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This is Rudin PMA chapter 4 exercise 10:

Complete details of the following (alternate) proof of this theorem:

Let $f$ be a continuous mapping of a compact metric space $X$ into a metric space $Y$. Then $f$ is uniformly continuous on $X$.

The proof we have to complete is: If $f$ is not uniformly continuous, then for some $\varepsilon>0$ there are sequences $\{p_n\},\{q_n\}$ in $X$ such that $d_X(p_n,q_n)\to 0$ but $d_Y(f(p_n),f(q_n))>\varepsilon$.

I am following Wisconsin Rudin solution which goes like this:

Since $\{p_n\}, \{q_n\}$ are sequences of a compact set, they have convergent subsequences such that $\{p_{n_k}\}\to p$ and $\{q_{n_k}\}\to q$. Since $d_X(p_n,q_n)\to 0$, we see $p=q$. And so on ...

So my problem is with indexing: we get $p=q$ from $d_X(p_n,q_n)\to 0$ when subsequences of $p_n$ and $q_n$ have same index. But, eg, if $\{p_n\}=\{q_n\}=0,1,0,1,0,...$ and subsequence $p_{n_l}=0,0,0,...$ and $q_{n_m}=1,1,1,...$ so even if $d_X(p_n,q_n)\to 0$, we don't get $0=p\ne q=1$. So what guarantees that our subsequences $p_{n_k}$ and $q_{n_k}$ must have same indexes?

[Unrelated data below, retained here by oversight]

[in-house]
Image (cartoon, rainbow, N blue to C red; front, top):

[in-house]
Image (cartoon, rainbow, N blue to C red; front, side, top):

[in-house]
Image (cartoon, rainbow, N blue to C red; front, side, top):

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    $\begingroup$ Start with the sequence of pairs $(p_n,q_n)$, and pick a subsequence for which the first components $p$ converge (don't worry about the $q$'s yet). Then pick a subsequence of that subsequence (not merely a subsequence of the original sequence) for which the second components $q$ converge. $\endgroup$ – Andreas Blass Mar 12 '18 at 17:35
  • $\begingroup$ Thank u so much $\endgroup$ – Silent Mar 12 '18 at 17:37

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